The irresistible story of Japanese cherry blossoms, threatened by political ideology and saved by an unknown Englishman
Collingwood Ingram, known as ‘Cherry’ for his defining obsession, was born in 1880 and lived until he was a hundred, witnessing a fraught century of conflict and change.
After visiting Japan in 1902 and 1907 and discovering two magnificent cherry trees in the garden of his family home in Kent in 1919, Ingram fell in love with cherry blossoms, or sakura, and dedicated much of his life to their cultivation and preservation.
On a 1926 trip to Japan to search for new specimens, Ingram was shocked to see the loss of local cherry diversity, driven by modernisation, neglect and a dangerous and creeping ideology. A cloned cherry, the Somei-yoshino, was taking over the landscape and becoming the symbol of Japan’s expansionist ambitions.
The most striking absence from the Japanese cherry scene, for Ingram, was that of Taihaku, a brilliant ‘great white’ cherry tree. A proud example of this tree grew in his English garden and he swore to return it to its native home. Multiple attempts to send Taihaku scions back to Japan ended in failure, but Ingram persisted.
Over decades, Ingram became one of the world’s leading cherry experts and shared the joy of sakura both nationally and internationally. Every spring we enjoy his legacy. ‘Cherry’ Ingram is a portrait of this little-known Englishman, a story of Britain and Japan in the twentieth century and an exploration of the delicate blossoms whose beauty is admired around the world.
PUBLISHED BY CHATTO WINDUS
I found this to be a fascinating and intoxicating book about a man and how his passion for plants became and obsession, and shaped his life along with the landscapes of Japan and many other countries at the same time. It does help if you love gardening, I do!, to ‘get’ this book but it also contains a staggering look at the history of Japan and its’ people, and I found myself learning so much.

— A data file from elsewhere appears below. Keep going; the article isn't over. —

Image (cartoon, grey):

There’s so much to admire about Cherry Ingram. He was born in 1880 and soon became obsessed by plant hunting and gardening, with cherry blossom trees being his absolute passion. He had many trips to Japan to see and collect rare species, and over the years he saw and was shocked by the changes in Japan, to the detriment of his beloved cherry trees so he took it on himself to start sending trees from his garden that he’d collected back to Japan to begin their revival. The attention to detail shown by him towards his plants was staggering – it often seemed he cared more for his plants than his own children!
As it looks at the man in his home life, as well as his plant hunting life, it explores many avenues of the life he led, over so many years in a world that was constantly changing. Even during the war he was always willing to be involved and was part of the local community effort to protect these shores.
He led an amazing life, devoted to his wife, his trees and birdwatching too, and I just loved learning about him and how this englishman had affected the way even the Japanese viewed their trees and the impact it had on the local people. The author shares his own history too with his family, and their experiences especially during the war and it was just one of those books that was interesting from start to finish.